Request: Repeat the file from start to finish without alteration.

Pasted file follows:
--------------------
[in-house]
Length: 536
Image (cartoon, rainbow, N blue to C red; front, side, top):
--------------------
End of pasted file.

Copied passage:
[in-house]
Length: 536
Image (cartoon, rainbow, N blue to C red; front, side, top):